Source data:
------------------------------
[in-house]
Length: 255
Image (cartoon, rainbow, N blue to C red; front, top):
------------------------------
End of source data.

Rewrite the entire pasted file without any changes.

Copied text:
[in-house]
Length: 255
Image (cartoon, rainbow, N blue to C red; front, top):